The publication detail shows the title, authors (with indicators showing other profiled authors), information on the publishing organization, abstract and a link to the article in PubMed. This abstract is what is used to create the fingerprint of the publication. If any grants are referenced by the publication, they will be listed here as well.
Surrogate decision makers' understanding of dementia patients' prior wishes for end-of-life care.
Betty S Black; Linda A Fogarty; Hilary Phillips; Thomas Finucane; David J Loreck; Alva Baker; David M Blass; Peter V Rabins (Profiled Authors: Peter Rabins; David Blass; Alva Baker; Thomas Finucane; Betty Black)
Department of Psychiatry and Behavioral Sciences, Johns Hopkins University School of Medicine, 600 North Wolfe Street, Meyer Building, Room 279, Baltimore, MD 21287, USA. email@example.com
Journal of aging and health 2009;21(4):627-50.
OBJECTIVE: This study examines how surrogate decision makers for dementia patients developed an understanding of patient preferences about end-of-life (EOL) care and patient wishes. METHODS: Semistructured interviews were conducted with 34 surrogate decision makers for hospice-eligible nursing home patients with dementia. The data were content analyzed. RESULTS: Most surrogates reported that patients had previously completed an advance directive (59%), discussed preferences for EOL care (56%), or done both (38%). Catalysts for and barriers to completing an advance directive or having EOL care discussions included factors that were both intrinsic and extrinsic to the patient. The most commonly reported wish for EOL care was to not be kept alive by "machines" or "extraordinary measures." DISCUSSION: Health care providers may be able to assist patients and families by normalizing discussions of dying, encouraging advance care planning, helping them identify goals for EOL care, and providing information to support treatment decisions consistent with patients' wishes.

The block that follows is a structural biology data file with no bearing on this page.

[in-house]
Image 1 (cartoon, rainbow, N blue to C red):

This section shows information related to the publication - computed using the fingerprint of the publication - including related publications, related experts and related grants with fingerprints representing significant amounts of overlap between their fingerprint and this publication. The red dots indicate whether those experts or terms appear within the publication, thereby showing potential and actual connections.
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